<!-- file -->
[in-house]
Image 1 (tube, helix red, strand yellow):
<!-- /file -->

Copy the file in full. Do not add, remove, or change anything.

[in-house]
Image 1 (tube, helix red, strand yellow):